Mission android David (Michael Fassbender) watches Lawrence of Arabia on a loop, bleaches his hair, and is from the start the nefarious HAL 9000 programmed for no good. Why a robot modeling itself after the gay English Che Guevara is evil is up to you to decipher. Though we never get a fix on David as a sympathetic protagonist, it's around to provide the "functional equivalence" portion of the picture's nitwit thesis, the portion Alien and Blade Runner provide organically--the question being that at what point is there no real difference between man and his created things once those created things start thinking for themselves. David from the start acts like a suspicious little twat, having its feelings hurt when Charlie acts like a jerk (and, by the way, if you don't want to kill Charlie and Shaw yourself after a few minutes, you're the android), spending a lot of its time acting like Peter O'Toole while soliloquizing to its finger, and generally doing everything Ian Holm resisted doing in 1979. If David can feel feelings, it brings up another Episode I complaint in that the technology in Prometheus is far, far superior to the technology of Alien. Consider the surgical iron-lung that can perform any desired procedure with its robot arms (although it can't tell the difference between a male and a female). This technology also exists in a timeline where it's apparently still possible for a woman to be infertile, which comes up, lamentably and without any real provocation, in a scene where Shaw--feminists, take note--gets hysterical only to be fucked into serenity by a genetically-altered Charlie. There, there, let me calm you with my penis. I mention all of this because there will come a moment where Shaw (and this is not much of a spoiler, but, hey, spoiler alert) becomes pregnant with something and climbs into the medi-pod to have it removed in the best girl-attacked-by-lasers scene since Michael York faced off against the plastic-surgery bot in Logan's Run.
It's a neat sequence if you ever wondered what a Caesarean section looks like, gonzo POV-style--even neater when you pause a moment to remember that the two crewmembers Shaw overcomes a few minutes earlier have, for no particular reason, stopped pursuing her for the length of time it takes her to endure the entire procedure. As far as stupid goes, Prometheus is an equal-opportunity offender. Throughout, Shaw talks about God and her faith--about how they're out there in the middle of nowhere to "talk to" the things that, millennia previous, during the prologue, "seeded" the oceans of the Earth with their own DNA for their own obscure purposes. When it turns out they're dead, their fate revealed obliquely in a ridiculous holographic effect (and fans of Alien, take note that these alien progenitors are the same species as the "space jockey" the Nostromo's crew discovers in the first film), Charlie whines about how he really wanted to chat with them, which is probably not what whatever his kind of scientist is is likely to whine.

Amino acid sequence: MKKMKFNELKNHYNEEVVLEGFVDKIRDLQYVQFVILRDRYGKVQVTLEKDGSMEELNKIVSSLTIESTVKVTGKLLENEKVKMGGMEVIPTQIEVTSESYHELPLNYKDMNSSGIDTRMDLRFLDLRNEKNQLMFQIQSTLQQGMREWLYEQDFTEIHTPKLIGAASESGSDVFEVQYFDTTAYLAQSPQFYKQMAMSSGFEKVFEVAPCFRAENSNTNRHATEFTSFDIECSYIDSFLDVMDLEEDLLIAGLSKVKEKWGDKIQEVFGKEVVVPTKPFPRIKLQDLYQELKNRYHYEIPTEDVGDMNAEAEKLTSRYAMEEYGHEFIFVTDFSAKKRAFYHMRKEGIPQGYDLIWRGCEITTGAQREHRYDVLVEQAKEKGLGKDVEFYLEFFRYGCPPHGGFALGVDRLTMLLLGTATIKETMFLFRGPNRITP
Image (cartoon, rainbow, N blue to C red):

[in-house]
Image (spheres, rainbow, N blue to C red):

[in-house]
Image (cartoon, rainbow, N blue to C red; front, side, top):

Anyway, Shaw takes a mummified alien head off the alien bunker and sort of reanimates it long enough for it to explode, raising the obvious question of what it is that our heroes have found on galactic rock 222002. Well, it's a weapon, stupid--a head-popping one. It's probably a biological one as well, because it's black goop stored in metal canisters, and the way it works is that a scientist or some other imbecile fucks around with it until it explodes in their eyes and, um, evolves them or impregnates them or kills them or does something that triggers a lot of 3-D special effects. You're in trouble when a viral YouTube video of a hillbilly killing himself by doing something stupid to an animal is your central plot point.
Did I mention ice princess Vickers (Charlize Theron) and irie Capt. Janek (Idris Elba)? No? Never mind. Ignore, too, the senseless bromance at the end involving a couple of other negligible and fast-forgotten characters. At any rate, Weyland and his agent, David, want to collect samples of the weapon, because that's what they always want to do in this series of movies, either by bringing back one of the canisters or, even better (how could this go wrong?), by impregnating the girl hero--because, in this iteration, one of David's special android powers is knowing when Charlie is going to want to fuck his slow-thinking Swedish girlfriend. But wait: In addition to stealing their how-could-they-have-known-about-it goop, they also want to talk to the alien primogenitors, because...um...God. It's God! God! At the end (but not at the end enough), David asks Shaw if despite the shit that went down she still believes, and Shaw affirms that she does while clarifying that the reason she does and David doesn't is because David isn't a human being. Slam! Oh no she di'nt!
The essence of humanity, see, is apparently its unflagging ability and innate desire to Believe in a Sky Wizard and His Zombie Son, thus setting us apart from toasters and gibbons and Muslims and stuff that doesn't believe in all that. Prometheus also sets up the sequel where Shaw and her Basket Case sidekick confront the alien primogenitors with more and bigger questions about God and Creation and why our GOD would want to create something He would subsequently want to destroy. The last line of the film, which I'll resist spoiling for you, is the hoariest, most irritating last line in the storied and monstrously-unimaginative history of such things. In voiceover, even! Let's leave it with Faith is good; God isn't talking; and Evolution is a biological weapon that is an affront to God. Promethean fire in the Alien franchise, if you want to make a fine point of it, is the crucible in which we burn and the explosions from within--the visual representation of the devouring of our demigod's liver in a lonesome crag of the Caucasus. So, does this mean that only the most mindless and unquestioning of the devout will enjoy Prometheus? That Philip K. Dick's "Do Androids Dream of Electric Sheep?" was a predictor of the audience for this piece of crap? That's between you and your god.